What’s it like to tackle the Three Flags Classic, one of the most unique organized endurance rides in North America? First, allow me to share some numbers with you.
2,175 The number of miles covered on the official route.
4 The maximum number of days allowed to complete the ride.
5,040.6 The total number of miles I rode: to the starting point, over the course of the ride, then back home again.
279 The shortest one-day mileage of my trip. (Leaving work after lunch, Camarillo, California, to Blythe, on the Arizona border)
826 The longest one-day mileage of my trip. (The final day on the ride home, from Castle Dale, Utah, to Sylmar, California…via a lot of curvy roads. In retrospect, not the best decision.)
9 My total number of riding days.
79 The maximum temperature swing I experienced in one day (34 degrees to 113).
221 Riders that registered.
200 Riders that finished the ride.
The Three Flags Classic (3FC) is probably the best-known endurance riding event you’ve never heard of. Put on by the Southern California Motorcycling Association, which is celebrating its 50th anniversary this year, the 3FC is a test of human and machine, where riders travel through three countries (Mexico, United States, Canada) and more than 2,100 miles in just four days.
The route usually runs from a start point in Mexico to a finish in Canada, but every few years they mix it up and run north to south. This year, the 43rd 3FC, we went from Puerto Peñasco, on the Sea of Cortez, to Calgary, Alberta, at the eastern edge of the Canadian Rockies.
The level of organization is incredible. Clubs from Mexico to Canada, plus local businesses along the way, come together to arrange start and finish hotels, checkpoints and dealership support, and grease the skids as best as possible for border crossings.
Being the lucky girl that I am, I had my pick of motorcycles on which to do this epic ride. I wanted something small enough that I could handle any parking lot or road surface, but with plenty of luggage capacity and elemental protection. Cruise control and heated grips were a must. And I didn’t want a cruiser; I wanted the freedom to lean as far as I wanted on the twisty bits.
My choice? A Yamaha Tracer 900 GT. I requested one with the accessory comfort seat and touring windscreen, but Yamaha went above and beyond by also outfitting it with a rear luggage rack, engine guards, a radiator guard, an extended front fender and a full Yoshimura exhaust system.
I also wanted to upgrade a couple items, namely the tires and brakes. So we spooned on a set of new Dunlop Roadsmart IIIs and some DP Brakes pads.
I was set.
In the good old days there was a lottery system; the 3FC was so popular that prospective riders had to mail in their check (remember doing that?) and wait, hoping to be randomly chosen as a participant. Times are changing, though, and riding motorcycles – let alone riding them for 12 hours a day, multiple days in a row – isn’t as popular as it once was.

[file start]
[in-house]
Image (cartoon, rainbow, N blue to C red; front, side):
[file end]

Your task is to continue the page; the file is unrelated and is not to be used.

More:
Still, 221 riders registered for the 2018 3FC, most from the U.S. and Canada but also at least four from Mexico. With such a large group you’d be forgiven for imagining a miles-long parade of Gold Wings, but nothing could be further from the truth. The 3FC is an event we did at the same time, but we were all in it for ourselves…if that makes any sense.
We could follow the recommended route…or not. The only rule is that riders must arrive at the designated checkpoints within certain time frames, usually in the afternoon/early evening of each riding day and for a few hours the following morning. Beyond that you’re on your own. What time to leave each day, where/when to stop for the night, where to sleep and where/how often to eat are all on you.
We were given green strips of ribbon to tie to the backs of our motos, marking us as “3 Flaggers.” What ends up happening is you ride past a gas station and look over – green ribbons! Raise your hand in a wave, get a wave and a thumbs up in return…maybe get passed by that same rider an hour later, another wave and a smile inside the helmet. It’s like going on an epic quest, but with the safety net of knowing there are a couple hundred other questers out there too with the same goal, and they all have your back.
Finishing the 3FC was a proud moment for me…I was sore, tired, my ears were burning where my cheap foam earplugs chafed for 12 hours a day, I’d sweated in triple-digit heat and wiped slush from my visor in a surprise snowstorm. I’d done it.
Oh yeah…and then I had to ride home.
At this point we were only a few hours from the finish line in Calgary, the homestretch. When it began to rain, no one thought much of it. But the temperature gauge on my Tracer was dropping at a concerning rate. The rain turned to sleet…35 degrees. We pulled over so Duncan could clear his fogging glasses. Trucks whooshed past, coating us with needle-fine spray, big cold drops of sleet poured from the sky.
As the road curved to the east and started to ascend, I looked up the side of the hill. The grass was white…snow!
Riding in snow is not my idea of a fun time. As I carefully cruised in the left tire track of the car in front of me, all I could think was, “How crappy would it be if I fell down only 50 miles from the finish – after 3 days and 2,100 miles!” I really wanted the finish and the accomplishment that goes with it.
After an eternity, we crested the ridge and descended the other side. The clouds cleared, the temperature went back up and as we pulled into a gas station to regroup we felt like heroes.
Riders came from as far away as Virginia and even Hawaii, and five Canadian provinces, to participate in this year’s 3FC. It always takes place over Labor Day weekend, minimizing the required time off work (unless you’re lucky enough to be retired, as many of the participants were).
Sound like something you want to try? Let’s do it! The 2019 3FC is slated for a start in Mexicali and a finish in Kelowna, BC. I’m game if you are….